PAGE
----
How Does the iPhone 4S Video Quality Compare to the Canon 5D Mark II?
The new iPhone 4S shoots 1080/30p video. No, I'm not saying you should use it to shoot a narrative film, but in terms of ubiquity we're going to see a lot of footage from the 4S going forward -- as an indicator of this ubiquity, the iPhone 4 is the single most popular camera on flickr. Those blurry cameraphone videos used on the news for eyewitness reports are certainly going to be a lot sharper, but how does the much-hyped new lens fare against the video quality of a Canon 5D Mark II? Here's a shootout video from Robino Films, who set both cameras up on the same tripod and rolled simultaneous video:
No, you're not going to use the iPhone instead of a dedicated video camera, but along with the glut of new Android phones, cameraphone video is leaps and bounds better than it was just a year ago. You can also download the 1080p source file on Vimeo (right-hand side).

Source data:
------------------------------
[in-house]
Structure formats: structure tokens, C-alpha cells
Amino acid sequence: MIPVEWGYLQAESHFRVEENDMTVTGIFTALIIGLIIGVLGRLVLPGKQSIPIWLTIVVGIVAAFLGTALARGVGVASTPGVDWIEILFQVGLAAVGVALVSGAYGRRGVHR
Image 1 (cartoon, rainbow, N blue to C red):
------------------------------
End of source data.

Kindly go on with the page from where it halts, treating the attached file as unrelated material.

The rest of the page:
UPDATE: Check out this short film shot on the iPhone 4S. Yes, if you get really close to objects, you can get a shallow depth-of-field look even with a sensor size this small.
As a sidenote, a recent commenter accused me of covering Apple products too much on this site, but my Google Analytics data shows that a whopping 63% of visitors here are on a Mac or iOS device (54% of which is a Mac proper, compared to 13% Mac marketshare in the U.S.). Given No Film School readers are four times more likely to use a Mac than the national average, I think it's safe to say I'm not pushing a personal agenda but rather trying to serve my audience. So, Apple users, here is another video comparing the iPhone 4S's video quality to that of the iPhone 4:
I'll also be curious to see how far third party apps are able to push the sensor, hopefully brining more manual controls to the table. And not to make this post too Apple-specific, here's a shootout video from Engadget comparing the iPhone 4S's video to several other current cameraphones: